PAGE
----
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Gap-filling government debt maturity choice

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  • Eidam, Frederik

Abstract

Do governments strategically choose debt maturity to fill supply gaps across maturities? Building on a new panel data set of more than 9,000 individual Eurozone government debt issues between 1999 and 2015, I find that governments increase long-term debt issues following periods of low aggregate Eurozone long-term debt issuance, and vice versa. This gap-filling behavior is more pronounced for (1) less financially constrained and (2) higher rated governments. Using the ECB's three-year LTRO in 2011-2012 as an event study, I find that core governments filled the supply gap of longer maturity debt, which resulted from peripheral governments accommodating banks' short-term debt demand for "carry trades". This gap-filling implies that governments act as macro-liquidity providers across maturities, thereby adding significant risk absorption capacity to government bond markets.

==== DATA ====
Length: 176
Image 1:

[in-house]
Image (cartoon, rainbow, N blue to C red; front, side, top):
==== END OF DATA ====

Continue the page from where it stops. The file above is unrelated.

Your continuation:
Suggested Citation

  • Eidam, Frederik, 2018. "Gap-filling government debt maturity choice," ZEW Discussion Papers 18-025, ZEW - Zentrum für Europäische Wirtschaftsforschung / Center for European Economic Research.
  • Handle: RePEc:zbw:zewdip:18025
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    More about this item

    Keywords

    Sovereign Debt; Maturity Structure; Market Segmentation; Central Bank Liquidity Provision; Long-Term Refinancing Operations;

    JEL classification:

    • E58 - Macroeconomics and Monetary Economics - - Monetary Policy, Central Banking, and the Supply of Money and Credit - - - Central Banks and Their Policies
    • E62 - Macroeconomics and Monetary Economics - - Macroeconomic Policy, Macroeconomic Aspects of Public Finance, and General Outlook - - - Fiscal Policy
    • G11 - Financial Economics - - General Financial Markets - - - Portfolio Choice; Investment Decisions
    • H63 - Public Economics - - National Budget, Deficit, and Debt - - - Debt; Debt Management; Sovereign Debt

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